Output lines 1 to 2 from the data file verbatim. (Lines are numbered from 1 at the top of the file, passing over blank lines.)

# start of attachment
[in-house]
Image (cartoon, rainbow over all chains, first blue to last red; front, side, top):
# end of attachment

[in-house]
Image (cartoon, rainbow over all chains, first blue to last red; front, side, top):